Thursday 26 April 2018

Mulvey to mediate in maternity hospital row

Kieran Mulvey of the Workplace Relations Commission. Photo: Tom Burke
Kieran Mulvey of the Workplace Relations Commission. Photo: Tom Burke
Kevin Doyle

Kevin Doyle

The head of the Workplace Relations Commission Kieran Mulvey has been asked to step in to the row over plans to co-locate the National Maternity Hospital on the site of St Vincent's University Hospital in Dublin.

New Health Minister Simon Harris has appointed Mr Mulvey as a mediator after hosting a joint meeting with representatives from Holles Street National Maternity Hospital and St Vincent's Hospital Group yesterday.

The two bodies are at loggerheads because the proposed governance requirements set down by St Vincent's for the new hospital on their grounds in Elm Park will place all services, including tertiary maternity and neonatal services, under the control of the St Vincent's board and shareholders, the Religious Sisters of Charity.

Under such an arrangement, the role of the Master of Holles Street, Dr Rhona Mahony, would be replaced by a single clinical director reporting to a CEO appointed by St Vincent's.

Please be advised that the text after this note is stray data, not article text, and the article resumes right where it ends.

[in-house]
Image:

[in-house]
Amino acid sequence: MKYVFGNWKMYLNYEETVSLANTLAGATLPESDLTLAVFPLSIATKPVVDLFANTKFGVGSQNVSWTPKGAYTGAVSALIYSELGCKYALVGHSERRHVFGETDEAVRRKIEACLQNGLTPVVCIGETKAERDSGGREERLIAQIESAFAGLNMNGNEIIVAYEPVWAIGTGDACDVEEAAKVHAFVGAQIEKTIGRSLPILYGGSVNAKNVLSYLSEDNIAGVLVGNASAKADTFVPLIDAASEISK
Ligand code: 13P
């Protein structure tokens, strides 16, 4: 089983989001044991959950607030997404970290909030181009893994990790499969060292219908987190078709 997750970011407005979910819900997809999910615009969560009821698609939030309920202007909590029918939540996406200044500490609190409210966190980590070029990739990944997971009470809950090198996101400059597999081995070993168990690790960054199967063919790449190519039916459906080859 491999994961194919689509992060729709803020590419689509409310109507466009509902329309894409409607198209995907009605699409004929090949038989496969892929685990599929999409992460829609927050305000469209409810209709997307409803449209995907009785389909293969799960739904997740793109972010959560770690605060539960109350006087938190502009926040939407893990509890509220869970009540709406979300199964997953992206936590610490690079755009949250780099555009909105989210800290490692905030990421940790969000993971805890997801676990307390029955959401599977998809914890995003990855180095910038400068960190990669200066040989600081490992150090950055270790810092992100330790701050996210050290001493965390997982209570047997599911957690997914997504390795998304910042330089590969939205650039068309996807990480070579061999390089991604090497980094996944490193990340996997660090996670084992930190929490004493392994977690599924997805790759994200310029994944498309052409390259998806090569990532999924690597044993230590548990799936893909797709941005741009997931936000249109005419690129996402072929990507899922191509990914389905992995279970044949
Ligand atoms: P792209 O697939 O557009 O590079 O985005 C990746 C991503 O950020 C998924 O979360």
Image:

The dispute has all but derailed the entire process which was first mooted in 1998.

However, Mr Harris told the Irish Independent last night that he wants a speedy resolution. "Expectant mothers and their children in Ireland absolutely need a new national maternity hospital," he said.

"While I cannot impose a solution between Holles Street and St Vincent's, I'm very eager to use my position to bring both sides together and pave a way forward.

"I've asked both to engage in a process of mediation to reach a resolution. I've been assured by both hospitals that they will approach this in very positive manner.

"We need to get on with building this hospital," he said.

Holles Street National - the largest maternity hospital in Ireland, which last year delivered almost 9,500 babies - describes its current hospital as "antiquated, undersized and unsuitable for modern obstetric and neonatal practice".

Mr Mulvey has been involved in industrial relations for over two decades and is widely recognised as the "go to" person in government circles for settling disputes.

Irish Independent

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